210058 Views 788 Replies Latest reply: Dec 4, 2013 4:05 PM by Raydoggy Branched to a new discussion.
Currently Being ModeratedNov 12, 2009 2:32 PM (in response to Magnat)@Magnat:
It's hard to know what's going on here - it's conceivable that it is the NVIDIA issue, but there are many other problems you could encounter with the video chip. Only way to be sure is to take it to an Apple service place.MacBook Pro 2.4 G Duo, Mac OS X (10.5.8)
Currently Being ModeratedNov 12, 2009 4:16 PM (in response to Magnat)Had a little break thru I am now convinced that is some kind of problem with Apple's Update 10.6.2, just have updated to 10.6.2 again, and now after 10 shutdowns and reboots its working, but now instead of a black screen I have no sound, no matter how high the volume is when i shutdown, on boot is set to 0 (no sound), that isnt much of a problem, just raise it, i just dont know how the light keyboard buttons didnt work when before i tried to light up the screen, on the sound it works... Ill give it a few more tries then ill report back again, but so far so goodMacBook Pro 2.2ghz, Mac OS X (10.6.1)
Currently Being ModeratedNov 12, 2009 4:50 PM (in response to Magnat)No, done about 20 shutdowns and reboots ok, but now its the same, black screen + sound level at 0, i guess ill take it to an Apple Store for them to see it... If its the graphics card i guess ill buy a new one, this one with less than 2 years have the logic board change twice is too much for me :S If next time it breaks again and I have no warranty I it will be to much to repair... Anyway thanks for your help!MacBook Pro 2.2ghz, Mac OS X (10.6.1)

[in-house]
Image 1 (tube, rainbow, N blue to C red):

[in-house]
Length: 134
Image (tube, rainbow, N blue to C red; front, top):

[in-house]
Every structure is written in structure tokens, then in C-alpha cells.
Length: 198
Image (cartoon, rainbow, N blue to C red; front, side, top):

Currently Being ModeratedNov 13, 2009 4:49 PM (in response to Brett L)Hello, just wanted to give my current situation and see if it is falling in the same pattern as other card failures, and if it would be covered by the warranty or Applecare. I have a 2.4GHz Macbook Pro from from mid-2007, model ID MBP 3.1 with a GeForce 8600M GT, and system has been updated to 10.6.2. In the past month I have started having graphic errors and color distortions on the screen which would lock the laptop up. As of last night however things have gone worse. When I first boot up I get the gray screen with logo, but when either going to OS X or BootCamp with WinXP, the screen turns black, making me think it is a hardware error. However I can hook up an external monitor to the DVI port, and the external monitor works. When I look at my system profile under Displays, it shows my external monitor, but states that my display connector has no display connected. System preferences shows only my external monitor, and the laptop behaves as though that is the only monitor - I am currently using the MBP with the external monitor to write this post. Other than the display, the laptop works as normal.